• dinkerson

        If you write that post, I’d love to read it. Would it be more about the faithful followers, and tenacity of community on WordPress? Or more about the award spooks and drive-by like harpies?
        Obsessive likers are aggravating, but I think it’s funny how you can start to almost think of some of your blog buddies like real friends. At least in some respect. Like you’ll be doing something during the day, and some blogger will pop into your head just like a friend. I dunno. That’s not what I expected, but I’m okay with it.

        As for the harpies… whatever, I guess. I’ll take the badge even if it came cheap. I’ve only been nominated for maybe… five or six awards (even one today πŸ˜‰ ), and I think they were all sincere. Probably just got lucky.
        I do remember not keeping my mouth shut about the choir boy comment haters. And I remember that edit. I understood. πŸ™‚
        I’ve followed your blog because I like it. I think that a person’s verve can kind of show through their writing, regardless of subject matter. I like the feel of your writing. If that makes sense. It does to me.

        I’m glad that you liked my little essays on The Flight of Reason. There was a lot of heart behind most of those, and I’ll probably get back to posting them again. Sometime. πŸ˜‰
        My last post fell somewhat dead, so I wondered if I’d lost the touch. Or maybe I’m just lazy or too busy. That’s more likely.

      • dinkerson

        And just a quick clarification on this line, “As for the harpies… whatever, I guess. I’ll take the badge even if it came cheap”.
        What I mean by that is I’ll take their “Likes”. If nothing else those likes are somewhat of a badge, or gold star; albeit, a cheap one.
        There was another way to interpret that, so I wanted remove any potential confusion.

      • lolabees

        That’s funny– I never expected that either, but it’s true. It’s funny how you can feel like you’re really getting to know all these random people. And I’m amused that some of them are people I would never expect to connect with.

        Harpies– that’s funny too! maybe I’m negative, but I feel like I’m being used by insincere likes or follows. As you mentioned, we’re forming these virtual friendships, and I don’t like being used in real life or in my virtual life. A lot of people feel the way you do– they are cheap dates, or however you would say that. And I’m glad you clarified because I had no idea what you were saying. πŸ˜‰

        What do you think? Should I write it even if it has nothing to do with my blog subject and might not interest my audience?

        Thanks for the kind words. I’m always thrilled to hear your input! Your last post fell flat? The one you posted? Or did you decide not to post something you wrote? I’ll look forward to the next one, whenever that comes. You’ll be inspired again someday, I’m sure.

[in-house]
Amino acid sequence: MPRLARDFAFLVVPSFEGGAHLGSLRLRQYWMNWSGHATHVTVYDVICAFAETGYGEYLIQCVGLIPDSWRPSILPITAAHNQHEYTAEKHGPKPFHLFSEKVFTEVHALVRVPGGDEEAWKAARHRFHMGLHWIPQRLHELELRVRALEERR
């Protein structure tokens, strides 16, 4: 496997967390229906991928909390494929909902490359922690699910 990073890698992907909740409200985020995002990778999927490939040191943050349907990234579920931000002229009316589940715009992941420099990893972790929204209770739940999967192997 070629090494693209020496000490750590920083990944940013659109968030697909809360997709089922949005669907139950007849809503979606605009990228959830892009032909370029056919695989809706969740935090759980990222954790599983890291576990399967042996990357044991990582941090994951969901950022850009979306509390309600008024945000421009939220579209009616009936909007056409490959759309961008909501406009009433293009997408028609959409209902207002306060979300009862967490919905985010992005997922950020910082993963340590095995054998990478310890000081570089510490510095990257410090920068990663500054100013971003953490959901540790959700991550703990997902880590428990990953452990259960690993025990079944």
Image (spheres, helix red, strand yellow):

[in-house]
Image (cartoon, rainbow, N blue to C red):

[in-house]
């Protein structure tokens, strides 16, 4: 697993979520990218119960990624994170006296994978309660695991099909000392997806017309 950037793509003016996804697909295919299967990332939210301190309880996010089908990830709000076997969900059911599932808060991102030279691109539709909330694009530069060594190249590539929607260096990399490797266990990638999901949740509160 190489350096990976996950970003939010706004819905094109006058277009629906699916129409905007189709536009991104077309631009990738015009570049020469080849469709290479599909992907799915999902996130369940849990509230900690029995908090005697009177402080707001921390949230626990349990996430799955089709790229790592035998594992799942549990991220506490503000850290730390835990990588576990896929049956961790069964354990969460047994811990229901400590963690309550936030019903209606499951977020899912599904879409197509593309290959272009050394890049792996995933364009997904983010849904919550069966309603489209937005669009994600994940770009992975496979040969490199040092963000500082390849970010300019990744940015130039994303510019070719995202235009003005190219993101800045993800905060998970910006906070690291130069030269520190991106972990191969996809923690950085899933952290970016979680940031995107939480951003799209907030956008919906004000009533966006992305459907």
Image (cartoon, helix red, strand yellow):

• dinkerson

        You ask a valid question; however, I can’t say if you should write the post or not. Only you can know that, because only you have an accurate feel for your readership.
        Here’s what I’m thinking though; in your personal life, eventually your going to move so far past the subject of dental health that you’ll almost have to lose interest in the matter altogether.
        If you continue to pander to a specific coterie of dentists, then what happens when you decide to update your blog with your current lifestyle?
        Not to be clichΓ©, but if I were you, I’d not get stuck in a box. Lol πŸ˜‰
        I say write what you want. I’ve never written for my readers; I write for me. And what if, for you, it means starting over? It seems like I remember you saying once, “I thought only my mom would read this”. Wasn’t that only one year ago?

        Oh, and it was the fashion post that flopped. There I was again, wishing for fame and fortune.

      • lolabees

        You make a lot of good points. Now that my blog topic has become so specific, I really do see how important it is to keep to one topic. (Though at the same time, I don’t care.) If your blog is general, that def gives more freedom to bounce around. Maybe that’s what happened with your fashion post. No one expects to read about fashion on your blog. πŸ˜‰ Haha! I wasn’t aware that it fell flat.

        We’ll see how it goes. I’m actually almost tapped out for dental posts anyway, so maybe I’ll work it in then. I have a few posts left in the works, but you are right that I’ll move beyond that topic. I have some ideas that I would like to execute moving forward that continue along with the career change path, and I think it could be a really nice transition. It is hard not to write for my crowd because no other website/blog exists that covers these topics (at least specifically for dentistry.) So it has almost become a bit of a hangout for people at times. It’s amazing how writing about it and hearing the experiences my readers share has really made what could have been a really tough transition for me a lot easier. So it helps me too. It’s like 1 big giant support group for anti-dentite dentists. Weird. Anyway, I could open doors to more conversations here, but I’ll stop hijacking your post!